Almost immediately, when the flow has nearly ceased, we very lightly press the wet mirror face down on the pitch till the pitch flows almost to the edge. Then quickly we whirl the mirror a bit to be sure that it is loose and drag it quickly off the pitch. Then quickly we press grooves into the pitch face with the wet stick.

The first groove should cross the disc about half an inch from the center. We then press a series of grooves parallel to it a little more than an inch apart right out to the edges. We then press a groove almost across the center of the disc and perpendicular to the fist groove. Then again, parallel grooves a little more than an inch apart, right out to the edges, so that the final pitch lap resembles a plate of butterscotch candy all cut into squares. We then repress the first set of grooves, then the second set, and if necessary pull up the pitch around the edges of the disc with our wet hands. Then we repress the whole face of the lap with the wet face of our mirror blank and we are ready to polish.

When the pitch lap is repressed with the mirror face after grooving or "waffling", the pitch should still be sufficiently soft to allow the faces of the squares to conform to the face of the mirror. If the pitch appears too soft so that there is danger of squeezing out the grooves, the mirror should be removed and the pressing delayed a little. If necessary, repress the grooves. If the pitch gets too cook, heat it in the oven or in hot water.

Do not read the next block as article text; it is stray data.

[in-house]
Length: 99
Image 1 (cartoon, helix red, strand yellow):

While the lap is firming up by cooling, the mirror should be moved occasionally to avoid building up a waffled heat pattern in the mirror face, and any excess pitch which overflowed should be cut away.

If possible, the polishing should proceed immediately when the pitch lap is firm.

In connection with their telescope making classes, the San Francisco Sidewalk Astronomers have poured pitch laps in this manner at the rate of nearly twenty per hour. It is a hasty job and can be messy but it should not be thought of as difficult.

The purpose of grooving the lap is to allow the pitch, under pressure from the mirror face, to yield with equal facility over the entire curve. It allows the pitch to yield at the center of the lap as well as at the edge and thus allows the lap to keep its conformity with the mirror face.

If gradually, under use, the grooves squeeze shut, the lap should be heated and re-grooved. The lap may be heated in a hot water bath or in the oven, or weather permitting, in the sun. On a warm, windless, summer day the re-shaping of the lap in the sun is very easy, as there is then no anxiety that the pitch may get too cool.

The pitch lap need not be poured on one's own tool. The San Francisco Sidewalk Astronomers save the pitch laps from one class to be used by another. They require simply to be heated and reshaped to the new curves. One advantage of having a lap on another surface is that it leaves one's own tool available to repair any mistakes made in fine grinding without re-pouring the lap. The lap may be poured on another tool or even on a flat blank but the lap must be no large than the face of the mirror or pressing becomes virtually impossible.